Peruse the PlayStation website, and you’ll discover that Sony has removed most evidence of the Vita’s existence. But despite the purge, a few diminutive publishers are still releasing software for the beloved portable system. EastAsiaSoft’s Fast Striker might be one of final shmups to be released on the system, and while it pales in comparison to efforts like Dariusburst Chronicle Saviors, Söldner-X 2, and Aqua Kitty, cross-buy functionality and an inexpensive price help offset the game’s simplistic approach.
If you’re a retro enthusiast, the game’s moniker might sound familiar. Fast Striker seems to sympathize with defunct hardware and was previously released on the NeoGeo and Dreamcast long after both systems have exited from retail shelves. Although it’s also playable on the still-vibrant PlayStation 4, the game’s appearance on the Vita demonstrates German developer NGDEV’s allegiance with timeworn platforms. And if you haven’t heard of the vertically-scrolling title, then you probably won’t be surprised that the game’s mechanics and visuals are rooted in Nineties-era shooters.
Select one of the game’s four difficulty levels and you’ll soon be escorted through antagonistic outer space to tackle the game’s six-mission trek. The game’s two easiest challenge settings play similarly, with your lone ship confronting waves of foes moving in serpentine patterns, punctuated by sub-bosses and bosses that like to fill the screen with projectiles. Although Fast Striker is shockingly free of firepower-augmenting power-ups, the game does offer different offensive approaches.
In both the lower two difficulty settings, novice and original, holding down the fire button slows you ship speed. This is useful when skirting through the narrow breaks in clouds of enemy fire. After a slight delay, its also emits a wide stream of shot, which is particularly useful for narrowing the number of attackers in the game’s near-widescreen format. Feather the button and your offensive opponent narrows, which is useful for those perky foes that take multiple hits to eliminate. When you’re not holding down the fire button, score-boost collectable stars are magnetically attracted to your vessel, incentivizing the use of both modes. Finally, there’s the incorporation of shields which can be activated manually to crash into opponents or will trigger automatically upon inadvertent collision.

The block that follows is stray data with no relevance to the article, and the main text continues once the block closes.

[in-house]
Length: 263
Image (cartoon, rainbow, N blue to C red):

You also have a button for rear fire, which you won’t need much across the first three stages of the easier challenge settings. But ramp things up to Maniac or Omake levels, and you’ll definitely need to thwart adversaries trying to approach from behind. These two modes radically change Fast Striker’s gameplay, emphasizing practiced play. Here, holding down a fire button releases a penetrating laser beam, which turns green after coming into constant contact with enemies. This signals a scoring boost but doesn’t have an effect on the weapon’s potency.
Scoring chasing is emphasized here, with bonuses for eliminating enemies in close proxemic space. You’ll also have to maintain a foe-killing combo where a multiplier will deplete if the extermination halts for too long. Sadly, the game got rid of the Dreamcast’s workaround for online leaderboards. That version of Fast Striker used to spit out a code that you’d enter online that would substantiate your scoring prowess.
Aesthetically, Fast Striker draws inspiration from the TurboGrafx-16/PC Engine Era. There’s a decent amount of different enemy types, who exhibit a variety of behaviors. With their squatty form, subordinates don’t look too menacing, but boss ships with grimacing faces are more threatening and channel an Alien/Devil’s Crush vibe. Backdrops aren’t too intricate, exhibiting moving cityscapes, but they are pleasing monochromatic, which helps makes the projectiles visible. Sonically, the game’s throbbing techno soundtrack doesn’t an admirable job at establishing a frenzied pace.
Firmly rooted in late ‘90/early 2000 shmup design, Fast Striker might lack the sophistication of those seeking a thoroughly modern or innovative shooter. But if you are a fan of the classics, the title has a lot going for it, especially if you own both a PlayStation 4 and Vita. Price is almost always a point of contention, but here EastAsiaSoft made a prudent decision by releasing the game at seven dollars. Vita fans, this might not be a faultless sendoff, but if it’s the system last shooter, we’ll be leaving with our head held high and trigger finger suitably calloused.
Fast Striker was played on the PS Vita with review code provided by the publisher.